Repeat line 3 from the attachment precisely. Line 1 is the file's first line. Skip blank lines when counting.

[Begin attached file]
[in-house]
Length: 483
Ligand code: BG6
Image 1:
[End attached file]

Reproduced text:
Ligand code: BG6